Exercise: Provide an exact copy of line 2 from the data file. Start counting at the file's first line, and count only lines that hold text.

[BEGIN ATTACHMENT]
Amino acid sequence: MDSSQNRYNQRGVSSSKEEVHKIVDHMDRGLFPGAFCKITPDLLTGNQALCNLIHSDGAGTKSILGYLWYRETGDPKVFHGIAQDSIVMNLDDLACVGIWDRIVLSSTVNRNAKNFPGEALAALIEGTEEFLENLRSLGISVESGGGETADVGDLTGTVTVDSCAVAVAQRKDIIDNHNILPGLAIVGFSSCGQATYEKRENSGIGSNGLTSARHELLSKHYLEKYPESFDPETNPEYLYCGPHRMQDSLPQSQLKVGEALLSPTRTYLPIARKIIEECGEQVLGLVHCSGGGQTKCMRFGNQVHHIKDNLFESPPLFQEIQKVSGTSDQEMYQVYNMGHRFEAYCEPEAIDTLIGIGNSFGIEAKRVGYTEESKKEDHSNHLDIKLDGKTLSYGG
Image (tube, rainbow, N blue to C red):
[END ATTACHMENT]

Image (tube, rainbow, N blue to C red):